I reorganized my recipe file on Monday. No, it wasn’t on my list of things to do during my vacation week. But on Sunday, when the mess of culinary clippings crammed in a kitchen cabinet made an ordeal out of extracting a bowl for Jim’s potato salad, it suddenly took precedence over re-potting my lavender and trimming the cat’s claws.
I’m not going to go on about how this project took far longer than anticipated. Or about the perfect file box I found at the Container Store (disguised as a greeting card file—something I didn’t know existed and probably also need!) But sifting through the recipes and deciding what to keep—and what to toss—took on an unexpected significance.
It was like looking through a photo album of my life, one that dated from when I got married (in 1977) to the present. Who was that woman who whipped up all those wok wonders? And casseroles with ground beef, noodles and Campbell’s soup as the main ingredients? Was there really an era when I made beef stroganoff and chicken cacciatore? Or when compiling ways to make mac & cheese and potato salad was my sole mission in life?
My pile of cast-offs grew—and so did my realization that the way I eat has changed dramatically over the past 30-plus years. As I labeled the tabs of my colorful new file and filled it with favorites and promising possibilities, several things became clear:
1. I’ve always eaten more poultry than beef or pork.
2. I’ve lived by the adage that eating fish in restaurants is preferable to living with the smell at home.
3. Pasta and any dish featuring beans or lentils is a mainstay.
4. Looking for new ways to prepare sweet potatoes or Brussels sprouts? Give me a shout.
Which leads me (more or less) to the point. At the start of the process, the biggest stack of recipes involved chicken. By the time I was done, it was vegetables. That’s because I chose to reorg my recipes at a time when I’m as close as I’ve ever been to becoming a vegetarian. I feel instant disappointment at not being able to write, “Because I am a vegetarian.” But that would be a bold-faced lie—considering the fact that at my son’s birthday dinner last night I had the signature dish at 5 Napkin Burger.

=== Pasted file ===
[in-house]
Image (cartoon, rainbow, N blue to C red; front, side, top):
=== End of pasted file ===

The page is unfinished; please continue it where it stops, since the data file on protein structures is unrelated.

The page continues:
However, reading my friend Diane’s recent blog post about vegetarianism made me realize that, while I admire those who just wake up one day and—voila!—stop eating animals, I don’t need to apologize for that fact that, for me, it’s a process that’s been going on for several years. Lately I’ve been doing lots of reading and experimenting and talking with my friend Stacey, who is sort of in the same boat. I’ve been looking at the issue through a variety of lenses: from the health benefits and animal rights abuses to the impact on the environment.
To be honest, I don’t have one good reason to continue eating meat. In fact, going totally vegan would suit me best from a health perspective. Sure, it’s inconvenient: all that searching for weird ingredients and cooking—what a drag! And although I happen to like most non-animal sources of protein, far be it from me to try to convince Diane (or Jim) that tofu tastes as good as last night’s thick, juicy burger.
That said, I just finished Jonathan Froer’s book, Eating Animals, and can no longer stomach the thought of consuming chicken or pork. Even fish is making me nauseous. So I’m enjoying leafing through vegan and Ayurvedic cookbooks. Exploring local farmer’s markets. And searching for stores that sell quinoa and adzuki beans in bulk. A few weeks ago I stumped a clerk at Whole Foods when I asked what aisle the mirin was in (imagine that!) And I’m still searching for umeboshi vinegar—although I’m not exactly sure why.
And yet—I avoid crossing the line completely. Oh, to wake up one morning and just know! In the meantime, I’ll continue this process of elimination and try to be okay with it—which is no easy task. As Jake drove us home from 5 Napkin Burger, I said, “This might have been my last real burger experience. I’m thinking about not eating meat anymore.” Without missing a beat, he replied “Again?” Ouch.